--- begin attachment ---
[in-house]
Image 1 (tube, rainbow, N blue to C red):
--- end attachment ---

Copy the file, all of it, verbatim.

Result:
[in-house]
Image 1 (tube, rainbow, N blue to C red):